1. Risk for holdings will continue to be assessed well before its potential gains (margin of safety).

2. Continue to build portfolio based on identified macro themes playing out.

3. Maintain Hedge strategy to reduce losses.

4. Be a rabbit. Let favorite stocks reach entry price. Don't chase wins. After all, gains are only as good as price paid.

5. Stick to stated a strategy and become an expert that field. It is the only way hard work may be translated to attaining superior knowledge in that field.

6. Invest in companies for which superior insight and knowledge in them may be attained.

...
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Saturday, October 03, 2009

The Sure Thing

Speculating vs Investing

"When I was a kid, my dad used to joke about the habitual gambler who finally heard about a race with only one horse in it. He bet the rent money on it, but he lost when the horse jumped over the fence and ran away. There is no sure thing, only better and worse bets."

- Howard Marks

Is characterizing the current state of the economy an act of speculation?

One mainstream media-driven phrase that is cropping up with unusual regularity is "the new normal." How normal is it for the U.S. stock markets to be up 60% this year since March, whilst the U.S. shed 2.5 million jobs? In Rosenberg's newsletter, Rosenberg describes this phenomenon as jobless prosperity. He goes further to ask who is actually doing all the buying:

FT quotes data from TrimTabs showing that only $2.5 billion in net inflows has gone into U.S. equity funds and ETF’s since the March lows. Inflows into bond funds have been ten times as strong. We know that corporate insiders have been net sellers of size. And the buying power from short-covering subsided months ago.

The answer, and this validated by the FT on page 16 of yesterday’s edition, are the hedge funds. And once they begin to see signs that a V-shaped recovery is about as real as Santa or the tooth fairy, watch out.
If hedge funds are characterizing what is going to happen next in the market, then hedge funds are speculating. Any act that attempts to forecast or predict what will happen is both dangerious and risky. After all, we now know how a "can't fail" one-horse race may still lead to losses.

If the markets continue adjust on the downside this month to account for actual unemployment figures, look for the tide to wash out companies with weak balance sheets. "Simply" invest in companies that are able to produce steady or rising profit margins not achieved through one-time cost cuts.

How? Bring your two warriors.

As Leo Tolstoy said, "The two most powerful warriors are patience and time."

On a personal note, 660 kaChing users following my online virtual portfolio are probably wondering what steps will be taken next. The portfolio activity reflects an IQ score that is 30/200 points from qualifying (140 points) to be mirrored by interested investors.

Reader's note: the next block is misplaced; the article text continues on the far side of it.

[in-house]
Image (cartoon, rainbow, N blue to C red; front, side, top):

The strategy continues to be:
  • Don't lose money
  • Exploit significant spreads between the intrinsic value and current market value of companies
If you have a twitter account, blog posts are broadcast to http://twitter.com/chrispycrunch.

Tuesday, September 29, 2009

Let's Talk "Zebras"

The only thing more comforting for an individual investor "missing" the March 2009 -Present rally is not having a professional career dependent on justifying why one "missed" the great returns in the market this year (my high-lights in bold). How difficult it is now for investors to pick great investments: when stock prices go up, risks goes up, not down.
Zebras!?
“Zebras have the same problem as institutional portfolio managers. First, both seek profits. For portfolio managers, above average performance; for zebras, fresh grass. Secondly, both dislike risk. Portfolio managers can get fired; zebras can get eaten by lions. Third, both move in herds. They look alike, think alike and stick close together.

If you are a zebra, and live in a herd, the key decision you have to make is where to stand in relation to the rest of the herd. When you think that conditions are safe, the outside of the herd is the best, for there the grass is fresh, while the middle see only grass which is half-eaten or trampled down. The aggressive zebras, on the outside of the herd, eat much better. On the other hand – or other hoof – there comes a time when lions approach. The outside zebras end up as lion lunch, and the skinny zebras in the middle of the pack may eat less well but they are
still alive.”

. . . Acorn Fund’s founder, and portfolio manager, Ralph Wanger

H/T Marketfolly. The full article by Jeffrey Saut is here.

Continuing on the topic of investment psychology, Ken Norquay describes risk management in a different way in his most recent entry. Here is an excerpt:

The investment industry’s pat answer does not address the basic truth that there is risk in investing in the stock market and we need to know how to handle that risk.